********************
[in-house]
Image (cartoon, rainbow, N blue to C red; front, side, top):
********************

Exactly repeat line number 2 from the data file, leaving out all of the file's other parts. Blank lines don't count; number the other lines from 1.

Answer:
Image (cartoon, rainbow, N blue to C red; front, side, top):